'Beyond the Body: a portrait of autopsy’ is an art exhibition inspired by narratives of people involved in post-mortem procedures, depicting ethical dilemmas presented by the practice of examining the body across different cultures. Recognised as ‘learning from the dead’, autopsy has been of significant importance to medicine and science, but often a painful concern of the living.
The artwork, inspired by Halina’s research, interprets the difficult questions posed and brings new perspectives on autopsy. Here, art explores a range of viewpoints; a pathologist asking if the rights of the living to know the cause of death supersede the rights of the deceased to keep their secrets; a Buddhist priest discussing five elements determining stages of death, but also the universe; a scientist introducing less invasive autopsy in children to minimise body disfigurement, describing difficult conversations with grieving parents.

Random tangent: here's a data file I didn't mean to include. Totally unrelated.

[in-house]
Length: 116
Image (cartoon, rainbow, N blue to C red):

In April 2022 ‘Beyond the Body’ was shown at the Michaelis School of Fine Art at the University of Cape Town as part of the ‘Diagnosing Loss’ exhibition, curated by Dr Nina Liebenberg (The Centre for Curating the Archive, University of Cape Town). As well as ‘Beyond the Body’, the exhibition brought together several artworks from Michaelis School of Fine Art staff, students, and graduates, along with objects sourced from the university's Physics, Pathology, Mathematics, Chemistry, Special Collections, Anatomy, and Biological Sciences Departments.
Following the launch of the exhibition Halina met with Nina to discuss the concept of ‘Diagnosing Loss’ and the role ‘Beyond the body’ played in inspiring it. Read a blog post of their conversation to find out more.